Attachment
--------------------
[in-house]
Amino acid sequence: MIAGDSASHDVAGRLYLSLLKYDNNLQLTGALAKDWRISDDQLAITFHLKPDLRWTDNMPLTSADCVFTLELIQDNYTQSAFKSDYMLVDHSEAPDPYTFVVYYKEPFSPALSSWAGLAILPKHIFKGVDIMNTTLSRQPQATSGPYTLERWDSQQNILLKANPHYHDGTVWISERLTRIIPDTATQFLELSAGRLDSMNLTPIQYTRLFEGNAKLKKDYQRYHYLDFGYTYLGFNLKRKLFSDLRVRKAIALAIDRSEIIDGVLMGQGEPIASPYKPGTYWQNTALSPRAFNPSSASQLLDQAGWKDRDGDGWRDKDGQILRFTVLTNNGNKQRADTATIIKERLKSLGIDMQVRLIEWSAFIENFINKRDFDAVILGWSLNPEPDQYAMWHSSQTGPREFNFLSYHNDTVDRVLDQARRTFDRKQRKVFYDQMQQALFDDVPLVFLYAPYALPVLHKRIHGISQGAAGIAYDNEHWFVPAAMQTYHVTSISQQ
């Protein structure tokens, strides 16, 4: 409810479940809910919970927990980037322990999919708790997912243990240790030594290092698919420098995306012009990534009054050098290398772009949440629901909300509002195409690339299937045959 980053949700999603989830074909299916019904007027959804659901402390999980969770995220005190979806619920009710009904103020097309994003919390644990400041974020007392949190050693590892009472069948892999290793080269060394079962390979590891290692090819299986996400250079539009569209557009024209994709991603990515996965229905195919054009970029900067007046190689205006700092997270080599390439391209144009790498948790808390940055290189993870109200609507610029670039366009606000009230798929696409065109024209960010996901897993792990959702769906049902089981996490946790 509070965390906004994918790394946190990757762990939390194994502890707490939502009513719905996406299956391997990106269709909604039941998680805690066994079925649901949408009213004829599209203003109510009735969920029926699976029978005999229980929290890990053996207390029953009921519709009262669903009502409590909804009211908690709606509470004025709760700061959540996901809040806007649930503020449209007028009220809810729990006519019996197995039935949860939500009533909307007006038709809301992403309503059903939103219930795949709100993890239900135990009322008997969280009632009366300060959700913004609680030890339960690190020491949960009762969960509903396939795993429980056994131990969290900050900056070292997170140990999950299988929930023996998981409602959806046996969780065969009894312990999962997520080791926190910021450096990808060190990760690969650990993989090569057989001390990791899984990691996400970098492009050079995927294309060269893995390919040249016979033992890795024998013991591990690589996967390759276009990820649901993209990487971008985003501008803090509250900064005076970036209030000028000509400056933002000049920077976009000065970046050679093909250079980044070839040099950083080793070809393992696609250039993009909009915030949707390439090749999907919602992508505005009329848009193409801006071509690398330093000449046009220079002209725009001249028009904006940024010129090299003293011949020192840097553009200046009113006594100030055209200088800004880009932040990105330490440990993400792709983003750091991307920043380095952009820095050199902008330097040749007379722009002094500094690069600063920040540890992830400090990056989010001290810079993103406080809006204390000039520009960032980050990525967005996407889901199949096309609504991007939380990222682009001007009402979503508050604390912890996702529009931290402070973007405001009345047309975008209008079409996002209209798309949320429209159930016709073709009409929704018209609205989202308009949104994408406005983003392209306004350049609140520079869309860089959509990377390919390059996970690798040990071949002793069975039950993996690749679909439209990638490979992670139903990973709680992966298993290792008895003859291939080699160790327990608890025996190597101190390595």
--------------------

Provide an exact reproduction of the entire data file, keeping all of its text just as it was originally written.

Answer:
[in-house]
Amino acid sequence: MIAGDSASHDVAGRLYLSLLKYDNNLQLTGALAKDWRISDDQLAITFHLKPDLRWTDNMPLTSADCVFTLELIQDNYTQSAFKSDYMLVDHSEAPDPYTFVVYYKEPFSPALSSWAGLAILPKHIFKGVDIMNTTLSRQPQATSGPYTLERWDSQQNILLKANPHYHDGTVWISERLTRIIPDTATQFLELSAGRLDSMNLTPIQYTRLFEGNAKLKKDYQRYHYLDFGYTYLGFNLKRKLFSDLRVRKAIALAIDRSEIIDGVLMGQGEPIASPYKPGTYWQNTALSPRAFNPSSASQLLDQAGWKDRDGDGWRDKDGQILRFTVLTNNGNKQRADTATIIKERLKSLGIDMQVRLIEWSAFIENFINKRDFDAVILGWSLNPEPDQYAMWHSSQTGPREFNFLSYHNDTVDRVLDQARRTFDRKQRKVFYDQMQQALFDDVPLVFLYAPYALPVLHKRIHGISQGAAGIAYDNEHWFVPAAMQTYHVTSISQQ
């Protein structure tokens, strides 16, 4: 409810479940809910919970927990980037322990999919708790997912243990240790030594290092698919420098995306012009990534009054050098290398772009949440629901909300509002195409690339299937045959 980053949700999603989830074909299916019904007027959804659901402390999980969770995220005190979806619920009710009904103020097309994003919390644990400041974020007392949190050693590892009472069948892999290793080269060394079962390979590891290692090819299986996400250079539009569209557009024209994709991603990515996965229905195919054009970029900067007046190689205006700092997270080599390439391209144009790498948790808390940055290189993870109200609507610029670039366009606000009230798929696409065109024209960010996901897993792990959702769906049902089981996490946790 509070965390906004994918790394946190990757762990939390194994502890707490939502009513719905996406299956391997990106269709909604039941998680805690066994079925649901949408009213004829599209203003109510009735969920029926699976029978005999229980929290890990053996207390029953009921519709009262669903009502409590909804009211908690709606509470004025709760700061959540996901809040806007649930503020449209007028009220809810729990006519019996197995039935949860939500009533909307007006038709809301992403309503059903939103219930795949709100993890239900135990009322008997969280009632009366300060959700913004609680030890339960690190020491949960009762969960509903396939795993429980056994131990969290900050900056070292997170140990999950299988929930023996998981409602959806046996969780065969009894312990999962997520080791926190910021450096990808060190990760690969650990993989090569057989001390990791899984990691996400970098492009050079995927294309060269893995390919040249016979033992890795024998013991591990690589996967390759276009990820649901993209990487971008985003501008803090509250900064005076970036209030000028000509400056933002000049920077976009000065970046050679093909250079980044070839040099950083080793070809393992696609250039993009909009915030949707390439090749999907919602992508505005009329848009193409801006071509690398330093000449046009220079002209725009001249028009904006940024010129090299003293011949020192840097553009200046009113006594100030055209200088800004880009932040990105330490440990993400792709983003750091991307920043380095952009820095050199902008330097040749007379722009002094500094690069600063920040540890992830400090990056989010001290810079993103406080809006204390000039520009960032980050990525967005996407889901199949096309609504991007939380990222682009001007009402979503508050604390912890996702529009931290402070973007405001009345047309975008209008079409996002209209798309949320429209159930016709073709009409929704018209609205989202308009949104994408406005983003392209306004350049609140520079869309860089959509990377390919390059996970690798040990071949002793069975039950993996690749679909439209990638490979992670139903990973709680992966298993290792008895003859291939080699160790327990608890025996190597101190390595």